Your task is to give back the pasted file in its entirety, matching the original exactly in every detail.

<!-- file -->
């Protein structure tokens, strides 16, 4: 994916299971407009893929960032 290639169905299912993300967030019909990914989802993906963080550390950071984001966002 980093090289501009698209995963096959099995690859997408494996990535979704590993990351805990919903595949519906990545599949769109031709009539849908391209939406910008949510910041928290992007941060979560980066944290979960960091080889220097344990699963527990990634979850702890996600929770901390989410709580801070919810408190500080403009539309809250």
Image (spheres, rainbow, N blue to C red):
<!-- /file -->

């Protein structure tokens, strides 16, 4: 994916299971407009893929960032 290639169905299912993300967030019909990914989802993906963080550390950071984001966002 980093090289501009698209995963096959099995690859997408494996990535979704590993990351805990919903595949519906990545599949769109031709009539849908391209939406910008949510910041928290992007941060979560980066944290979960960091080889220097344990699963527990990634979850702890996600929770901390989410709580801070919810408190500080403009539309809250």
Image (spheres, rainbow, N blue to C red):